We watch a lot of TV – some of it good and some of it…not so good. For the 2013 pilot season, we’re checking out a few series we won’t be writing on regularly, but may check back on throughout the season. Next on the docket: the second season premiere of NBC’s Revolution.
Let’s bitch it out…
I will readily admit that Revolution was my biggest disappointment of the 2012-2013 television season (the summer honour goes to CBS’s similarly inept Under The Dome). Revolution was a show that had everything going for it: an awesome premise about the loss of powerful, a handful of great-to-solid actors, a nice dose of genre hybridity and a creator, Eric Kripke, noted for crafting shows that fans love.
And then the sucker debuted and almost immediately went into the crapper.
The problems with season one are legendary at this point, so I was intrigued to check out the second season to determine whether the issues had been fixed or if the show was the same old piece of garbage I hate-watched last season. So how does Revolution 2.0 fare?
Honestly, it’s not bad. The pace is slower and despite being divided between three different locations, the time allotted to the groups of characters is well managed. Perhaps it’s spreading these individuals out, but not having them on journeys that makes this re-introduction work. The focus is more on reestablishing who these people are and why they matter than moving them around the country like game pieces. Giancarlo Esposito’s Neville and JD Pardo’s Jason get the plot heavy portion as the Patriot tallship lands in the refugee camp they’re staying at outside bomb-decimated Atlanta. Miles (Billy Burke), Rachel (Elizabeth Mitchell) and Aaron (Zak Orth) have sought refuge with Rachel’s father, Gene (Stephen Collins) in the Republic of Texas where marauding War Clans are raping and pillaging. Oh, and Rachel has PTSD following last season’s nuclear fall-out.
And then there’s Tracy Spiridakos’ Charlie (a show-ruiner) and David Lyons’ Monroe (still miscast) who are hanging out in the laughably named New Vegas, a Western dystopian version of the city of sin (on a budget). Perhaps the idea was to dump these two in the middle of the Plains Nation in the hopes that they kill each other off? As it stands their stories amount to little more than bareknuckle boxing (is this a bad TV trope???) and a weakly plotted assassination attempt…so…yeah.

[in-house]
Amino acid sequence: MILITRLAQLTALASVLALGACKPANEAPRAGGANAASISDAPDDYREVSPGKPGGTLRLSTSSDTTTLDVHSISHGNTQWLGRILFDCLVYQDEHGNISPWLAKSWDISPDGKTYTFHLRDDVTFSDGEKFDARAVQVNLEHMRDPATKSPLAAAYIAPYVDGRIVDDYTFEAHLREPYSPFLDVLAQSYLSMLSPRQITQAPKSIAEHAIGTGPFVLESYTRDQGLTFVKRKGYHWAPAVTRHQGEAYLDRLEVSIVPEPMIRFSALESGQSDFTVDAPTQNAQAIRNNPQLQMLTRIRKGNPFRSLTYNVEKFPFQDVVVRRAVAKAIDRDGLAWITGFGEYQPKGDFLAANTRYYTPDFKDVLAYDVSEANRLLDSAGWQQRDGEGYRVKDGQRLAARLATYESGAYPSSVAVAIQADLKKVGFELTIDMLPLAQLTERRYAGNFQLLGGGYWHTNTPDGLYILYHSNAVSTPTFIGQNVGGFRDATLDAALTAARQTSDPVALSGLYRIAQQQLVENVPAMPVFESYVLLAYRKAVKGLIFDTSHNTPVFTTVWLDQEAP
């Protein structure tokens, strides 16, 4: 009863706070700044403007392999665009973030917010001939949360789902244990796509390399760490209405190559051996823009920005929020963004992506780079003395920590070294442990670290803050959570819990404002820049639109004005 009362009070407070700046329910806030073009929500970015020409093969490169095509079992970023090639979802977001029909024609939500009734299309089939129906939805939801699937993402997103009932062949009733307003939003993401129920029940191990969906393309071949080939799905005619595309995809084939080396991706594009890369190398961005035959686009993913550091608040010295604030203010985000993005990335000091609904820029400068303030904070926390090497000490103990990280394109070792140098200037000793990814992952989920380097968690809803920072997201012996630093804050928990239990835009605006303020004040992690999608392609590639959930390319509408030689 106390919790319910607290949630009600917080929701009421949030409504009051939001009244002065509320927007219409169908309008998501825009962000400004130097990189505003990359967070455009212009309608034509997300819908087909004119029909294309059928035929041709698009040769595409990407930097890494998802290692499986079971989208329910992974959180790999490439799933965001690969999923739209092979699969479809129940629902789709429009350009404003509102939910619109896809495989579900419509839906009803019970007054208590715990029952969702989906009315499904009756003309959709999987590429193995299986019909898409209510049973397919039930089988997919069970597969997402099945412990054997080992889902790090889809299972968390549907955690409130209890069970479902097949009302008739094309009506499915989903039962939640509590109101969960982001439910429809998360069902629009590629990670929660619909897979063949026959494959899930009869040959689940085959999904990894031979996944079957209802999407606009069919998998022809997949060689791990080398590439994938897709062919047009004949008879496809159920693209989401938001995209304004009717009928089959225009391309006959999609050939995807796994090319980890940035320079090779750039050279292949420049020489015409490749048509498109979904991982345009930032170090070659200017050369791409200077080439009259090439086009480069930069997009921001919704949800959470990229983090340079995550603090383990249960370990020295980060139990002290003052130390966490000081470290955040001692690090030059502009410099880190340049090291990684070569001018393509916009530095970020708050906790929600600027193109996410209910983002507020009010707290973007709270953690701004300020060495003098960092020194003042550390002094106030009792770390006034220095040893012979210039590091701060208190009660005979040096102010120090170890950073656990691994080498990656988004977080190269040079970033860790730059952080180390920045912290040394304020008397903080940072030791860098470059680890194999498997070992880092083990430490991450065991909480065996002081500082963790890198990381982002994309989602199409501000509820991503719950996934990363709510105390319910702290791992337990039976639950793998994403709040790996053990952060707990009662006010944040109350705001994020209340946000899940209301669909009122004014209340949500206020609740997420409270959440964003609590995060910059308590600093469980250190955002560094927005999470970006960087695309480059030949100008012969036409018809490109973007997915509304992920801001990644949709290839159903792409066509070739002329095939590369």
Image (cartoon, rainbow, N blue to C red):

As far as rescuing the show from the disaster that was S1, ‘Born In The U.S.A.’ is a step in the right direction. Spending more time fleshing these characters out, introducing a mildly interesting new mystery (what’s with the fireflies?) and an ominous new set of villains (the Patriots) could inject new life into the show. That’s provided it keeps its wits about it, since many of us thought the writers would turn things around several times last season, only to watch in horror as things somehow got worse. Plus, with the continued reluctance to actually kill off characters (is Aaron really not expendable?), there remains a troubling lack of consequence that threatens any emotional investment viewers may have in the proceedings…
Needless to say I won’t be watching with any regularity, but Revolution is the kind of show you can pop in on fairly regularly in the event something merits attention. I’m interested to hear from other viewers, though: will you continue to watch? Has enough character rehab been done to rehabilitate these people? Do you wish people would actually die and not be magically resurrected? And do you care about either the fireflies or the Patriots? Hit the comments with your thoughts below
Revolution airs Wednesdays at 8pm EST on NBC